Dream Agents, Editors, or Publishers

I think many of us would be lying if we did not say we had an idea of how we might want our writing career to go. I don’t just mean Hugo’s and Nebulas, though, why not? I mean down to what publisher you think matches you as your favorite author publishes with them, or you just like their covers, or perhaps what editor you might love to snag (again, likely reflected in who else they work with), and similarly what agent.

Though I think dreams help drive us, and I encourage their use as fuel for your productivity, I also think there is a danger in not keeping your mind open. In hanging your happiness on one editor or one agent’s vision matching yours.

At the end of the day, what you want should be the best match. Ever been on a blind date and it’s gone horribly? Or maybe I should ask, have you ever been on a blind date and it’s gone well? We all know the former is more common than the latter. So why do we put agents/editors/publishers we’ve never met on a pedestal? Most of them are perfectly nice, but I would posit that the relationship with these important people in your career is hopefully a long-term one and so who you match with is important to your happiness, so give them the benefit of the doubt but reserve judgment. Don’t decide they are your dream agent/etc without ever having met them, or knowing anything about their personality or work habits, or ethics. Just because they put time into author X does not mean you will have the same success, or that they even have the bandwidth for you.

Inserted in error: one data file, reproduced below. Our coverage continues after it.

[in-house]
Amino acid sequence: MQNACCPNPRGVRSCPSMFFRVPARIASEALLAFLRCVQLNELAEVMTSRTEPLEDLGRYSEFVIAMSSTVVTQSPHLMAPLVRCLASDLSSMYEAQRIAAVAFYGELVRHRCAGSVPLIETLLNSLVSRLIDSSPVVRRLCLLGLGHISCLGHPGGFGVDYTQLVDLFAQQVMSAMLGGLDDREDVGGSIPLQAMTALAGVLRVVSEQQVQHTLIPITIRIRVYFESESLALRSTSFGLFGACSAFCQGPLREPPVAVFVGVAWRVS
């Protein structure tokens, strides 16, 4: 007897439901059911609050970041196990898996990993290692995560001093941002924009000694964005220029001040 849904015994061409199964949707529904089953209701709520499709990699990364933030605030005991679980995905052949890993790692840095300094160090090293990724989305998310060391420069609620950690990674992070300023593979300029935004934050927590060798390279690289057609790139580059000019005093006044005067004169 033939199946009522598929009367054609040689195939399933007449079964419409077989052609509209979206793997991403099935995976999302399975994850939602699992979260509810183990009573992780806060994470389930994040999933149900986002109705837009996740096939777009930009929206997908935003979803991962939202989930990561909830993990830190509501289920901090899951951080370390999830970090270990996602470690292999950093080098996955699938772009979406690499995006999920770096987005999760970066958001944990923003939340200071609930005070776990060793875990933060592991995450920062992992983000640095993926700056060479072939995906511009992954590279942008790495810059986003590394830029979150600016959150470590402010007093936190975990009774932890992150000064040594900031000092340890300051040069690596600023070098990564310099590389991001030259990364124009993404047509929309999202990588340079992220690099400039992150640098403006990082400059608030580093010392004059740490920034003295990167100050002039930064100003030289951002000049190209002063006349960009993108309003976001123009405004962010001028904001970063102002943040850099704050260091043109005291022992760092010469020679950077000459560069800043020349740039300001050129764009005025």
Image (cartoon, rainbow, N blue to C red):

Believe in yourself. I have always bet on myself, not depended on someone else to do it for me. Yes, getting the best agent for you may be part of what you have to do, but your book does not stand on just who your agent is. The magic sauce that determines whether your book does well is a combination of you/your work and your agent/editor/publisher (and a very healthy pinch of luck). Don’t forget that you are also part of this equation.

Do not put your happiness in the hands of someone else. An agent or editor may reject your novel in 30 seconds. Demoralizing? Yes. But don’t take it personally. They made a business call based chiefly on a gut feeling and what they have, which is usually not a lot to judge it. They could be wrong. Unless they do offer you a contract. In that case, they’re definitely right 😉

Any thoughts on finding the right match? It’s hard from an MSWL and what we can glean online. Post any thoughts or comments below!

And once again, this is day 4 of my experiment (see blog 5/1/23) to get a writing habit by blogging every day for 21 days straight. Confession? I’m writing this at 9:30pm as I almost forgot today!

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